Signed. Add. Endd. 2/3 p. [Flanders III. f. 258.]
||Sir Thos. Heneage to —|
Sir; Her Majesty desires me to inform you “that she takes it (by that she understandeth by Sir William Reade) that Mr. Killigrew much mistaketh her meaning, if he thinks she would be pleased that Camphier (which she named to me Trevier) should come into the possession of Count Morris, or that the towns (which be as it were the key to Flushing) should come into doubtful hands; but her Highness' purpose is that those two towns of Camphier and Armew should be kept still devoted to her Majesty, and yet be so handled as they may be paid truly by the States; which may come to pass … if the captains and bands that now be in and govern those towns be not altered, but remain still in the same. And that may grow if they make suit to her Majesty to deal with the States that it may be so.
“The precedent for this is Medenblick, where Snoy remaineth still with the same charge he had and in the States' pay. To this end would her Majesty have you presently write both to Sir William Russell and to Mr. Killegrewe.
And further, her Highness' will is that you should also write, before you come to her, to my Lord Willoughby, that her Majesty much misliketh that he sent away Sir William Reade, and so leaves himself and his government there much weakened by the want of such a councellor and captain, being also displeased that he turned the government of Berghen-up-Zon from Sir W. Reade to Sir William Drewry; betwixt whom her Majesty doth think great difference.—At Court, 3 May, 1588.
Holograph. Without address. 1 p. [Holland XXIII. f. 177.]
||M. de Champigney to Burghley.|
Mauris coming to Mr. Comptroller, his master, has brought me your message. In reply I would express the pleasure of the Duke of Parma at seeing Mr. Comptroller and, knowing your love of peace as you know my own, let you know in confidence that Mr. Comptroller having put forward matters of substance, it is requisite that there should be some evidence that the queen avows what he has done and will act thereupon later on. I may add it would be very proper to second him by some well intentioned person, fully sensible of the quality and circumstances of the matter in question, such as Lord Broncorst. From the writings of his that I have seen, I consider he would be admirably fitted to give it a good conclusion if you can persuade her Majesty to send him here speedily.—Bruges, 13 May, 1588.
Signed. Add. Endd. Fr. 1⅓ pp. [Flanders III. f. 260.]
||Burgomasters and Council of Brill to the Queen.|
Being bound, not only by their oath to her Majesty but by their goodwill to the English garrisons, they do not wish to forget to remonstrate to her that they, the citizens of the said town are in arrear with the said garrisons to the amount of 8969 florins; as appears by their rolls and by the recognizances of their officers, for materials and merchandize for making accoutrements and also for provisions and other necessaries supplied to them since their coming into the town. And seeing (as they have heard) that the companies are not to be paid their wages for eighteen months or more, and that they have no other means than the prests from the States of Holland, viz. 25 sols weekly to each soldier, which is not enough for their support, it has not been possible to the said garrison to pay any of their said debts. And yet they, the burghers, having herein employed all their means by which they gained their livings, are in danger every day of being distrained upon by their creditors, to their utter ruin, unless her Majesty, in her pity, shall order the treasurer to pay them; by which means the garrison would not only content the citizens, but would be able to live honestly, in much better order and military discipline. Whereby the said citizens, being delivered from ruin by her Majesty, will ever pray for her health and prosperity, and be ready to do here all due service. Signed De Langue.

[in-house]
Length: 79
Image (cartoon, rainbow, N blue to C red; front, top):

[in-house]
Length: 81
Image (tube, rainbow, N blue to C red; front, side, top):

Add. Endd. French. 1¼ pp. [Holland XXIII. f. 181.]
||— to M. de Villiers.|
Has written to him several times to explain the cause of his stay in these parts, by reason of a suit which he has before the court of parliament. Believes that it will come to an end on May 21 or 22, after which he hopes to see Villiers very soon, although he is not sure whether “Monseigneur le comte” will wish to continue him in his service, having been here so long. If not, he intends to see Italy and Germany. Meanwhile, prays to be told, what the state of Orange is, among all the storms which envelop him.